Oops, mistake. In fact, the prices of vaccines had to be kept secret; the European Commission agreed with the pharmaceuticals. But thanks to a tweet by Eva De Bleeker, the Belgian Secretary of State for the Budget and Consumer Protection, the amounts are now on the streets.
This shows significant differences between the six vaccines included in the purchase programme. Health economists point out that the price of all vaccines is quite reasonable, especially when compared to vaccines against other diseases. But still: how can the cheapest vaccine cost almost ten times less than the most expensive?
Pharmaceuticals Pfizer and Moderna, the two most expensive vaccines, are now being applied for approval in Europe, while the vaccine from Sanofi and GSK was not effective enough at the initial stages of the research. There is, as always, so there is a risk that the development of a vaccine spoke runs.
But the financial risk is much higher with corona vaccines than with other vaccines, says health economist Xander Koolman of the Vrije Universiteit Amsterdam: “Normally, the development of a vaccine takes up to ten years. All the steps, from research to production, are then followed one after the other. Now it‘s happening simultaneously. So the vaccine is already being produced, while it is not yet clear whether it works.”
On the other hand, the possible revenues are also much higher, says health economist Maarten Postma of the University of Groningen: “These are very large volumes. This is unprecedented, because potentially the whole world needs to be vaccinated.”
In order to mitigate the risk, governments have already agreed with the pharmaceutical companies Advance Purchase Agreements (APA) at an early stage. In other words, if a vaccine gets it to the market, governments are given an agreed number of doses. If a vaccine does not work, pharmaceuticals will still receive (part of) the development costs.
So, if there are ten vaccines, the total cost of which is 10 billion, but five vaccines fail, it actually costs EUR 2 billion per vaccine.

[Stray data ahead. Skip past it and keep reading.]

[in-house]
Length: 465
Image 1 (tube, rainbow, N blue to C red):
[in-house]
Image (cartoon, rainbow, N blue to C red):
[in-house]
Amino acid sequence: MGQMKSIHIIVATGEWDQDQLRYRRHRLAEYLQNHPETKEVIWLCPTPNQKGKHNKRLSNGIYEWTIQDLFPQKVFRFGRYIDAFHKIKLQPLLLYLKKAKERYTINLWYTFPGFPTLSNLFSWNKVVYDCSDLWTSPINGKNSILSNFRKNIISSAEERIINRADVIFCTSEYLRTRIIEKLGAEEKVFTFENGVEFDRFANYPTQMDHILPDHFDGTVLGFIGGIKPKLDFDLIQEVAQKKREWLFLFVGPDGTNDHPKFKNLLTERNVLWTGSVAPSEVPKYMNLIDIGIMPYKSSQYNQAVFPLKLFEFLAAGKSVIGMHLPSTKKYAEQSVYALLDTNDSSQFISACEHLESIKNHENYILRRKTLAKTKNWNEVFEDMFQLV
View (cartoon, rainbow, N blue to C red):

Xander Koolman: “When the APAs were agreed, you didn’t know which vaccines would work and which ones wouldn‘t. Now it seems that most of them are actually on the market. No one expected that.” This means that the development costs per successful vaccine are lower.
And so competition has increased and prices have been created that Koolman calls “very reasonable”: “In the health economy, we look not at what costs, but at value. In the case of a corona vaccine, the value is very high, because it is important for the whole world economy.” Maarten Postma also calls the prices “certainly not exorbitant”: “A vaccine against meningococci B costs 40 euros and against pneumococci it can cost up to 80 euros.”
The vaccines have been developed very quickly. That raises questions about the safety.CCEIT on 3 explains how it is:
If you look at the value, the Netherlands would also have given a thousand euros per vaccinated person, Koolman thinks: “17 billion euros for all vaccinations is an acceptable amount if society can reopen.”
In addition, Koolman does not think it entirely right to look only at what a pharmaceutical company ultimately charges for the vaccine. The exact terms from the APAs are not known. It may well be that governments were willing to bear more risk in the case of one vaccine if they were to pay a lower price per dose delivered, he says. “The price you see here is the tip of the iceberg, but we don’t know how much the part that is underwater.”
‘Very, very marginal profit’
That also says spokesman Jan-Willem the Lord of Pfizer: “Pfizer has invested EUR 2 billion of equity in development. Our CEO Albert Bourla expects us to make a very, very marginal profit on the vaccine at this stage. This also contributes to continuing to invest in new medicines and vaccines. Because nine times out of ten have failed to develop new drugs.”
The Lord says that the technology used by Pfizer for the vaccine also plays a part in how the price came about. The vaccine is a so-called MRNA vaccine: “For this, production sites need to be adapted and built, and storage requires different logistics from other vaccines.” The Pfizer vaccine is stored at a temperature of -70. Specially developed dry ice packaging is used for transport. Other vaccines can be stored at -20 or refrigerated temperature.
The Netherlands starts vaccination on 8 January, later than other countries. GGD Director Sjaak de Gouw explains why:
In addition, the AstraZeneca vaccine was developed by the University of Oxford. Who agreed thatvaccine at the cost will be delivered as long as the pandemic lasts. After that, they can raise the price.
When all vaccines are on the market, prices will continue to shift anyway, says Maarten Postma: “Generally, vaccines are always cheaper. But it also has to show how all coronavaccins work.”
For example, the Pfizer vaccine, better than the Astrazeneca vaccine, may prevent vaccinated people from getting sick, but they can continue to transmit the virus. While that of AstraZeneca works better against the latter.
Postma: “Because the need is high now, we pay for what the pharmaceuticals ask for. But soon the quality of the experience with the vaccines will determine the price. If something works better, it also justifies a higher price.”